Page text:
While the pandemic still grips the world, researchers at NIST continue their work on COVID-19 related research, as well as the wide range of other science and technology topics NIST is known for.
We have pulled together a selection of stories, videos and other content from around NIST to let you see what they’ve been up to not just this year, but in some cases, for many years now. You'll also learn a little bit more about how we measure things. Happy reading!
When you think space, you probably think NASA. But did you know that NIST has a role in space exploration? NIST sensors and electronics are helping scientists around the world — from Hawaii to Antarctica — study our cosmos. They’re also being installed on satellites. Learn more about NIST’s efforts to help measure the cosmos.
You have questions. We have answers. From how we measure things like time or alcohol content to how smoke and carbon monoxide detectors “measure” to keep us safe, we’re helping you learn how measurements get made. And while NIST may not actually measure some of these things, we are determined to research and answer your measurement-related questions.
As you gather with loved ones this holiday, safety is likely top of mind. An online tool from NIST researchers could help you make your (indoor) holiday festivities a bit safer. The tool, created with support from the CDC and CDC Foundation, leverages factors such as ventilation and air filters to reduce the number of potentially infectious particles in the air.
In 2011, a powerful tornado moved through Joplin, Missouri, killing 161 and causing billions of dollars in damages. NIST embarked on a multiyear investigation of the Joplin tornado that uncovered vulnerabilities in emergency communications, building designs and wind measurements. Read about the investigation, NIST’s findings, the 16 recommendations investigators made and the impact those recommendations have had.
Carbon dioxide emissions from cities dropped by a third during the first few months of the COVID pandemic. One way scientists were able to track these changes was using CO2 sensors on buildings and rooftops. This may sound like an obvious way to do it, but the approach is new, and potentially an important tool for cities that are working to reduce their greenhouse gas emissions.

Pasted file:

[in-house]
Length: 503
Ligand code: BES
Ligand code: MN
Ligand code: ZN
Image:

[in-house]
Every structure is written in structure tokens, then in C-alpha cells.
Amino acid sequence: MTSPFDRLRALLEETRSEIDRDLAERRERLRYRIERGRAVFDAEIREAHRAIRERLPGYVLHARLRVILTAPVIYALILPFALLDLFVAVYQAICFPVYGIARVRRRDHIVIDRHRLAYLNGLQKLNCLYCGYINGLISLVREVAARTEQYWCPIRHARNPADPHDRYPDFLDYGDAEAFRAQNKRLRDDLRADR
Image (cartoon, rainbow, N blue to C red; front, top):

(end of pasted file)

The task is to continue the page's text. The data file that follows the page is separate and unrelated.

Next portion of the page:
While much of the country was focused on COVID, some researchers were focused on another public health epidemic: drug overdose deaths. In November, the U.S. Centers for Disease Control and Prevention announced a frightening statistic: For the 12-month period ending in April 2021, more than 100,000 people died of drug overdoses. And of those 100,000, nearly two-thirds were caused by synthetic opioids, primarily fentanyl. At the same time, scientists in Connecticut and Vermont raised the alarm around fentanyl-laced marijuana. Fentanyl is not only killing the users themselves; it’s also putting the police, first responders and forensic chemists who encounter it in their work at risk. To save lives and protect workers, NIST scientists are developing new tools that can detect and identify this deadly substance safely, efficiently and reliably. Learn more about these efforts.
Much of the news this past year was filled with stories of COVID-19 and whether masks were effective in helping curb its spread. NIST scientists know that to understand how something works, it helps to see it up close. A team of our researchers took this approach when studying the fabric masks that people wear to slow the spread of COVID-19. Check out the photos here.
First developed to build better atomic clocks — and responsible for NIST researcher Jan Hall’s Nobel Prize — optical frequency combs are ultra-precise rulers for light. The measurements they can make have opened a plethora of research doors, from astrophysics to health.
California's deadliest and costliest wildfire so far, the 2018 Camp Fire damaged several communities, nearly destroying the town of Paradise. By speaking with more than 150 witnesses, NIST researchers uncovered the conditions leading up to the fire and its aftermath.
In a report published in January 2021, NIST details the first 24 hours of the fire's progression, offering key insights into what made it so severe and what might prevent fires like these in the future. Check out a collection of photos from that report.
A manufacturer whose product line focused on in-person events had to pivot when the pandemic shut down meetings down. This video from NIST’s Manufacturing Extension Partnership takes you along on their innovative journey.
We hope that you enjoyed this selection of content from the past year at NIST.
Comment below if you’d like to hear more about any of these topics … or if there are other topics or stories you’d like us to tell in this blog in 2022.